Welcome to McHenry County's Finest, the Northwest Herald's new monthly Q&A series that will highlight area influencers – the people who have made the most impact, particularly behind the scenes, in our community.
We will be publishing a cover story featuring these neighborhood figures once a month.
Our first installment brings you Bob and Rosemary Blazier.
Married for 69 years, Bob and Rosemary Blazier still are active across McHenry County. Catch them out in the world, and you’ll likely find them holding hands or arm in arm.
Bob Blazier, 91, is a former superintendent of Crystal Lake Elementary School District 47, a former Crystal Lake Chamber of Commerce president and a former vice president of marketing and education for Northern Illinois Medical Center in McHenry (now Centegra Hospital – McHenry).
He helped found the Centegra Foundation, Raue Center for the Arts Foundation, McHenry County College Foundation and more.
Rosemary Blazier, 90, is a former physical education teacher and counselor in District 47, former president of the Service League of Crystal Lake and former religious education instructor at St. Thomas the Apostle Catholic Church, among many other positions. She helped found the first American Cancer Society 24-hour Walk/Run Against Cancer, now Relay For Life, in Illinois.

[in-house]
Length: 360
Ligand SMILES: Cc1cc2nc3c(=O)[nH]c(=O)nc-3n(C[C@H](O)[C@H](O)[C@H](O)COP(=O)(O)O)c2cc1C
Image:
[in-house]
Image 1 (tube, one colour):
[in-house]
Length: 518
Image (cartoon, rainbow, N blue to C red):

The Blaziers welcomed the Northwest Herald into their home for an interview.
In the living room are shelves full of books. Upstairs are hundreds of records and CDs. In the basement is a Yamaha drum kit where Bob Blazier sometimes wears headphones and plays along to his favorite tunes.
Here’s a snippet of a conversation with Bob Blazier:
Ed Komenda: Someone told me the best advice they ever received came from you: “Give back to your community.” Can you tell me about that philosophy?
Bob Blazier: It’s reciprocity. I still do my workshops for the bank. I do all the in-house programs. I just finished one on ethics. I did another one on cyberbullying – things that affect people in the service industry. A lot of it is seeing ways to pay back. Even opening a door for someone and smiling might make their day better. Most people often forget what the community has done for them, no matter how small it is. So you’ve just got to give back. It pays off. I used to tell bus drivers: “If on Monday morning a 7-year-old has saved you a piece of their birthday cake, you’re a good bus driver.” It’s as simple as that.